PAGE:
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Programming – Touch Sensors. Intro to Robotics. The Limit Switch. When designing robotic arms there is always the chance the arm will move too far up or too far down. These problems can be stopped if there was something to PREVENT the arm from moving. Operator Assist – Touch Sensor.

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the limit switch
The Limit Switch

When designing robotic arms there is always the chance the arm will move too far up or too far down. These problems can be stopped if there was something to PREVENT the arm from moving.


The robot does NOT drive properly while handling the arm controls. Each time an arm control is activated the system will stick as it updates. In other words, the program gets trapped inside the “arm” while loops.

solution not a loop the if statement
Solution? Not a loop! The “if” statement

The “if” conditional staement works similarly to a while loop. Whereas a while ( ) loops runs {body} commands over and over while a (condition) is true, an “if” statement runs a {body} of code ONCE if the (condition) is true, and skips past it altogether if the (condition) is false.

There is no loop so there is no risk of getting stuck!


The program already uses if-statements to check the value of the operator inputs. We need to add a second check – on the limit switch – to determine whether it is really appropriate to run the motors.


If you need to find out more than one thing from someone, you ask several questions in order. Depending on an earlier answer, you may need to ask a follow-up question. This is the basic principle behind a nested conditional statement.


PROBLEM! The program

doesn’t work right

operator assist limiting the arm
Operator Assist – Limiting the Arm

The program is partly working, but we clearly left something out. We told the robot what to do when the Transmitter button was held and the Limit Switch was not being pressed. But we didn’t tell it what to do when the Limit Switch was pressed! The arm simply continued to run at the last given motor power because it was not told to stop.

The if-else statement is simply an if-statement with an additional else block added on that describes a second {body} of code to run if the (condition) is false.


Pay careful attention to which if each else belongs to. The else blocks belong to the inner if-statements (starting on lines 19 and 30 below). These are the statements that check the Limit Switches, not the ones that check the Transmitter buttons. They tell the robot what to do if you answer “no” to the followup question, not the opener — you had to answer “yes” to the opener for the followup to even be asked.

When you press the button on an elevator, you only need to press it once. When you press a button on your Transmitter, however, you have to hold it down, or its effect stops. The elevator remembers that its button was pressed, but your robot does not. It would certainly be convenient if your robot could also use its memory to keep track of important commands, so that you don’t need to hold down a button to remind it.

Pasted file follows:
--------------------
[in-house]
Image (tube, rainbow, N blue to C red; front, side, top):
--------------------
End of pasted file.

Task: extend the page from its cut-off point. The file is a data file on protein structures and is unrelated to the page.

When you really need to remember something, it can be helpful to write it down. By storing that information somewhere permanent, you ensure that you can come back to it later when it’s needed. The robot works in a similar way. If it needs to keep track of something, it will need to store that piece of information somewhere.

  • Robots store information in variables. Variables function as containers, or storage, for values. As such, they can hold concrete values, such as the -127, 0, or 127 sent by the Transmitter buttons. They can also store abstract values that a program uses to represent different things (perhaps 1 means up, and -1 means down).
variables and state names
Variables and State Names

It is this last type of value, an abstract representation, that we will be using to make the robot arm remember which way it should be going, even after the Transmitter button stops being pressed. Since the robot doesn’t directly understand “up” or “down”, we will use one of the types of values that it does understand to represent those directions. That value will be stored in a variable for the robot to remember.

In order to create (or declare) a variable, the programmer must identify two key pieces of information: the type of value it will hold, and a name for the variable. The naming rules for sensors that you learned earlier also apply to variables. Give a variable a name that makes it easy to remember what kind of information is stored in the variable. This makes it easier to debug your program. Here are some of the most common variable types used in ROBOTC:

For the robotic arm, either letters or simple numbers make sense as a way to represent the direction that the arm should move. We will use numbers, with the following values representing arm directions:


The first step in the program is to create (or declare) the variable. Declaring a variable requires you to specify its type and name. We will use an integer (int) variable and call it “armDirection”. It will store the -1, 0, or 1 representing the direction of arm travel.


Change the existing motor-setting code to set the powers of the motors based on the desired direction (value of the “armDirection” variable) rather than the button being pushed. Continue to check whether the Limit Switches are pressed in.

summary and checking for understanding
Summary and checking for understanding

After checking your arm directions, apply your own comments to the code and turn it in for grading.